Listening to Our Mothers: Using patient experience to understand the heterogeneity of perinatal mood and anxiety disorders
In January 2016, the US Preventative Services Task Force (USPSTF) released revised depression screening recommendations for the general population, and for the first time included pregnant and postpartum women unique cohort in need of particular attention from health care providers. These revised guidelines have resulted in increased attention to the screening process and tools used in practice with perinatal women however, there are significant concerns over the lack of effective referral infrastructure in place to adequately diagnose and treat women who develop a perinatal mood and/or anxiety disorder (PMAD), like postpartum depression. Affecting approximately 15 - 20% of women who have given birth, PMADs place a tremendous burden on women, families and communities, and represent one of the largest public health challenges in the United States and around the world. Shrouded in shame and stigma, PMADs directly challenge cultural notions of motherhood as being a natural and blissful state for all women; a time of joy, celebration and happiness.The symptoms of PMADs are not homogenous however, strong feelings of inadequacy, failure, sadness, and anger, accompanied by anxiety, insomnia, lack of appetite and loss of pleasure in activities once enjoyed are often associated with a PMAD diagnosis.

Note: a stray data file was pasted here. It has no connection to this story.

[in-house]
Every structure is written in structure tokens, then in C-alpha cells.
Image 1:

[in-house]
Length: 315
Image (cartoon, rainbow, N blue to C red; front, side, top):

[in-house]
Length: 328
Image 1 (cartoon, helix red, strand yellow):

Equally problematic is the language used to described the wide range of PMADs that can occur, with the term “postpartum depression” being applied to a range of clinical diagnoses including postpartum psychosis, obsessive compulsive disorder, long term sub-clinical depression and an a major depressive disorder occurring in the perinatal period. This ambiguity is reinforced by the absence of a stand-alone postpartum depression diagnosis within the Diagnostic and Statistical Manual of Mental Disorders, published by the American Psychiatric Association, and commonly used as the main source of diagnostic criteria for mental illness.This lack of differentiation is common and arguably creates misunderstanding among women and their health care providers; it may greatly impact the type of treatment and follow up offered, patient compliance with treatment, and generally slow the recovery process. Through a discussion of the clinical symptoms of PMADs contrasted by the actual patient experience with individual diagnoses, we will illustrate the wide variety of PMADs that fall within what we suggest is a “postpartum depression spectrum”. Our panel members will speak to their individual experience with a PMAD diagnosis that may include perinatal depression, anxiety, obsessive compulsive disorder and psychosis. Highlighting the challenges of each diagnosis as it pertains to individual symptoms, compounded by the difficulties of pregnancy and mothering an infant while navigating a significant life transition, our patient panel will humanize the PMAD experience.